Barton also accuses Sebelius of using government money to pay for propaganda. Rep. Darrell Issa of California, the top Republican on the Oversight and Government Reform Committee and another possible chairman-in-waiting, joined with Michigan Republican Rep. Dave Camp, in asking the Government Accountability Office to investigate television ads in which the actor Andy Griffith touts the benefits of the new law for seniors. "More good things are coming, like free checkups, lower prescription costs, and better ways to protect us and Medicare from fraud," Griffith says. "I think you’re gonna like it."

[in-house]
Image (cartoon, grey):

The GAO found the ads legal, but James Gelfand, director of health policy at the U.S. Chamber of Commerce, predicts continued objections to them. He has a "strong feeling there is going to be some investigations into Andy Griffith, and I don’t mean Mayberry." Gelfand has created his own list of 31 possible investigations including one of the new HHS Office of Consumer Information and Insurance Oversight, which will help implement provisions dealing with private health insurance.
"This is a large new agency within HHS that’s been granted vast oversight powers,” said Gelfand. "There are questions about where in the legislation they found the authority to create this at all. … I’ve heard House Republicans rumbling about it."